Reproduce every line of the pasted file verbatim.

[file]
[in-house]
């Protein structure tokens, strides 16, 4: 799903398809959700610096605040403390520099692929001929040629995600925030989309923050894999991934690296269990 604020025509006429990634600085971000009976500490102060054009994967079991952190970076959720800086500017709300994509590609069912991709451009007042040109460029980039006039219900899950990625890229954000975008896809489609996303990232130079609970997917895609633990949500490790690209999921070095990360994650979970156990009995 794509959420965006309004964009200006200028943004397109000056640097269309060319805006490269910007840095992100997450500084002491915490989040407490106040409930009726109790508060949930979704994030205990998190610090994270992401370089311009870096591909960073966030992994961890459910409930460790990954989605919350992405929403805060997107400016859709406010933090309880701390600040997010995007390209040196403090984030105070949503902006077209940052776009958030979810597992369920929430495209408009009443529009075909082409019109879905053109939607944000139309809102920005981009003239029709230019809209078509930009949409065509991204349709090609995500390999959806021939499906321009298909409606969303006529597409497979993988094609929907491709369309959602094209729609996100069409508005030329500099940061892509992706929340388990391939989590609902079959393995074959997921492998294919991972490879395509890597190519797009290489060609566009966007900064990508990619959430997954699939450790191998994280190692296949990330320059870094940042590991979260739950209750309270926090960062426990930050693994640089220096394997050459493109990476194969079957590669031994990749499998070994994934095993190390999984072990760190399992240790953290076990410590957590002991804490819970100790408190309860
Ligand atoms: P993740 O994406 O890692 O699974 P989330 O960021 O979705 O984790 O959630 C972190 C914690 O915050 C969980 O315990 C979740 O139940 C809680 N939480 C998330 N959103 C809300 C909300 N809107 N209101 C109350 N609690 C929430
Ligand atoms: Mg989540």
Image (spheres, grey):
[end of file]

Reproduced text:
[in-house]
């Protein structure tokens, strides 16, 4: 799903398809959700610096605040403390520099692929001929040629995600925030989309923050894999991934690296269990 604020025509006429990634600085971000009976500490102060054009994967079991952190970076959720800086500017709300994509590609069912991709451009007042040109460029980039006039219900899950990625890229954000975008896809489609996303990232130079609970997917895609633990949500490790690209999921070095990360994650979970156990009995 794509959420965006309004964009200006200028943004397109000056640097269309060319805006490269910007840095992100997450500084002491915490989040407490106040409930009726109790508060949930979704994030205990998190610090994270992401370089311009870096591909960073966030992994961890459910409930460790990954989605919350992405929403805060997107400016859709406010933090309880701390600040997010995007390209040196403090984030105070949503902006077209940052776009958030979810597992369920929430495209408009009443529009075909082409019109879905053109939607944000139309809102920005981009003239029709230019809209078509930009949409065509991204349709090609995500390999959806021939499906321009298909409606969303006529597409497979993988094609929907491709369309959602094209729609996100069409508005030329500099940061892509992706929340388990391939989590609902079959393995074959997921492998294919991972490879395509890597190519797009290489060609566009966007900064990508990619959430997954699939450790191998994280190692296949990330320059870094940042590991979260739950209750309270926090960062426990930050693994640089220096394997050459493109990476194969079957590669031994990749499998070994994934095993190390999984072990760190399992240790953290076990410590957590002991804490819970100790408190309860
Ligand atoms: P993740 O994406 O890692 O699974 P989330 O960021 O979705 O984790 O959630 C972190 C914690 O915050 C969980 O315990 C979740 O139940 C809680 N939480 C998330 N959103 C809300 C909300 N809107 N209101 C109350 N609690 C929430
Ligand atoms: Mg989540």
Image (spheres, grey):